Another benefit is that these loading sites are often closer to your farm than the nearest elevator. For McLean, the Darlingford site is five miles from his farm while the high-throughput elevator at Morden is 20 miles. CP has around 130 producer car loading sites across the three Prairie has 136 designates sites across the Prairies, down 40 after a recent round of closures. (If a site is closing near you, CN is open to offers from local groups, the company says.) The complete lists are available at the company websites: and Find the search box and enter “producer cars” to get this and other information.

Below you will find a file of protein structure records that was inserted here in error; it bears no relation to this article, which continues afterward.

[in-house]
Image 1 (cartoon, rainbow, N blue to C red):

STEPS TO LOAD A CAR

Here is the procedure to load grain for sale through the Canadian Wheat Board. This is an abbreviated version of the steps provided at the CWB website,

1. Figure out how much you want to load into cars. Each car holds 90, 94 or 101 tonnes, depending on the size or car, so you’ll want to work in increments of that size. Five cars, for example, would be 450 to 505 tonnes, or roughly 18,000 bushels of wheat.

Once you’ve figured out how many cars you want, download an application form from the website given above. At the site, click on “Application form” in the “Related information” box at the right. In that same box, you’ll find complete detailed instructions on how to load a producer car. You can also complete the forms by phone. Call 1-800-275-4292 and have your CWB producer ID number and personal identification number (PIN) handy. On your first producer car application each crop year, a Delivery of Wheat — Declaration of Eligibility form must be completed and faxed to the CWB before your rail cars are authorized.